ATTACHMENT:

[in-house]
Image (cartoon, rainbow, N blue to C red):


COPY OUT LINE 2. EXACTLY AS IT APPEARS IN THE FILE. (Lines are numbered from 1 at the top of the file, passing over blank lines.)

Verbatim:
Image (cartoon, rainbow, N blue to C red):